Much of the academic research published on LGBTQ+ subjects concentrate on the experiences, findings and literatures of the global west. In light of this, why must higher education focus its research on LGBTQ+ populations outside the US and Europe? For Dr Bao, the answer is quite straightforward. First and foremost, “China’s ongoing queer history needs to be documented”, records of China’s queer communities are sparse: “queer histories are often marginalised or even erased in dominant historical narratives, and yet they are crucial to China’s queer communities. I consider myself a queer community historian [whose] role is to document and analyse China’s queer community histories and cultures before they are forgotten.”
With an academic focus on the LGBTQ+ community in China, researchers may provide a clearer understanding of China and its transnational queer cultures. Dr Bao states that, “we live in an interconnected world: what is happening in China also has a significant impact on the rest of the world.” Furthermore, it should be appreciated that “queer cultures and activism in China form an important part of the transnational struggles against heteronormativity, patriarchy, state violence and capitalist exploitation.” With this, research and teaching on LGBTQ+ topics in higher education shouldn’t foreground the west. Rather, “every culture should be a part of this picture.”
From a theoretical point of view, the study of queer China can further our comprehension of sexuality and its relationship to politics. Dr Bao points to the inability to generalise frameworks associated with queer culture study, with cultures outside the west not holding concepts of individualism in such high esteem, and instead draw from the cultural, social and political facets of society in their construction of queer identity. “In China, this queer subject is often influenced by Confucian traditions in which the individual is part of the family and a collective.” Dr Bao clarifies that he is not advocating “an essentialised cultural difference between China and the west, but for greater attention paid to the historical specificities of all cultures and identities.”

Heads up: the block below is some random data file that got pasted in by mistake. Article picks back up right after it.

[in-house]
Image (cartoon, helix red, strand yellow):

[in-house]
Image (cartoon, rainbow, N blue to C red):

The past decade has seen a sharp increase in the scholarship and teaching on topics about queer China: “there has been a proliferation of books and scholarly articles on queer cultures in China, and at the same time we also see the formation of an academic field called Chinese and Sinophone queer studies.” By and large, Dr Bao says, this “has to do with an increased scholarly interest in China as China grows into a global superpower.” This coincides with an increased visibility of the LGBTQ+ population in China over the past two decades.
Dr Bao observes that there has been a “rapid development of queer identities, communities and cultures in urban China. There are gay bars and LGBTQ+ organisations in almost every major Chinese city; gender and sexual minorities have also come up with ingenious strategies to cope with government censorship and to fight for their rights.” This development, says Dr Bao, “shapes what China will be like in the future. Queer issues in China go beyond the concerns of gender and sexual minorities in China; they have become important benchmarks for China’s development and for the future of the world.”